The threat of highly pathogenic avian influenza H5: Will H5N2 infections occur in humans? : Journal of the Chinese Medical Association

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Letter to the Editor

The threat of highly pathogenic avian influenza H5: Will H5N2 infections occur in humans?

Chan, Yu-Jiun M.D., Ph.D.

Author Information
Journal of the Chinese Medical Association 75(8):p 420-421, August 2012. | DOI: 10.1016/j.jcma.2012.06.011

    To the Editor

    In early March 2012, animal health and quarantine officials culled and then destroyed more than 54,000 chickens and sterilized a farm in Changhua (in central Taiwan) due to an outbreak of the highly pathogenic strain of avian influenza (HPAI) H5N2.1 Because all of the news that has any connection to avian influenza remains of great interest to the public, this event caught the attention of the media and the general population. Ultimately, the director of Taiwan's Bureau of Animal and Plant Health Inspection and Quarantine resigned because of accusations of a cover-up.

    The first case of avian influenza in humans was diagnosed in Hong Kong in 1997.2 A total of 18 human cases and 6 deaths were reported, and all of the birds in the area markets were destroyed. 3 Before this outbreak in Hong Kong, the direct transmission of avian influenza to humans had never been reported. It was believed that a barrier existed that prevented the transmission of avian influenza to humans due to differences between receptors. However, subsequent episodes of avian influenza infecting the human population has been reported with subtypes H7N7, H9N2, and H5N1.4 In 2003, H5N1 avian influenza reemerged in humans and spread throughout Southeast Asia, parts of Europe, and northern Africa, sparing North and South America. The mortality rate was estimated to be as high as 50–60%, vastly different from that of seasonal influenza (estimated mortality rate of 0.1%). However, the transmission efficacy of the H5N1 avian influenza was poor and only a few cases of human-to-human transmission were reported. The major route of transmission was through direct contact between humans and birds instead of via aerosol. However, recent studies have indicated that the mortality rate of H5N1 avian influenza may have been overestimated, arising from a higher seroprevalence among subclinical cases determined using meta-analysis. 5 Nevertheless, avian influenza poses a continuing threat to the human population.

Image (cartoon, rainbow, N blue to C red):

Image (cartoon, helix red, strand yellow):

Regarding the evolution of H5N1 avian influenza, the initial H5N1 progenitor reassortant (H5N1-PR1, A/Goose/Guangdong/1/1996) was not a human pathogen.6 Only reassortants H5N1-PR2 (1997) and H5N1-PR7 (since 2003) have been associated with confirmed human cases. Having a firm grasp of the evolutionary patterns of H5N1 HPAIVs can help to estimate the speed of emergence of avian influenza in human cases.

    In addition to the direct transmission of avian influenza to humans, it is possible that the avian influenza genes incorporate and mix with the influenza genes from other species, such as swine and human, resulting in genetic recombination. We had already experienced the emergence of reassortant novel H1N1 influenza in 2009.7 Although the initial 2009 wave of influenza in Taiwan was mild,8 transmission was not completely blocked by routine infectious disease control procedures, and some atypical presentations could occur in the future.9,10 Because there are not presently any reported human cases of H5N2, the likely biological behavior of this HPAI in humans is unclear and subject to speculation. Based on the existence of multiple basic amino acids in hemagglutinin, it is very likely that the H5N2 virus will act more like the H5N1 virus. This is notwithstanding the fact that the H5N2 virus will probably require some time to evolve, so an imminent outbreak in humans is only a remote possibility.

    Nevertheless, several important steps should be initiated, including the monitoring of personnel, animals on farms, and migratory birds. In addition, an effective preparedness plan is crucial, which should include an ongoing search for an effective vaccine and the stockpiling of antiviral drugs and personal protective devices. With accurate information and ample preparedness, the status quo should be vigilance, not panic.

    Yu-Jiun Chan M.D., Ph.D.

    Division of Virology, Taipei Veterans General Hospital, Taipei, Taiwan, ROC

    Division of Infectious Diseases, Taipei Veterans General Hospital, Taipei, Taiwan, ROC

    Institute of Public Health, National Yang-Ming University School of Medicine, Taipei, Taiwan, ROC


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    © 2012 by Lippincott Williams & Wilkins, Inc.